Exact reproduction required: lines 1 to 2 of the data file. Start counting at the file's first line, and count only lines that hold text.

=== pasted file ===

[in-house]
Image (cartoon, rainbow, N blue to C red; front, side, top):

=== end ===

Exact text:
[in-house]
Image (cartoon, rainbow, N blue to C red; front, side, top):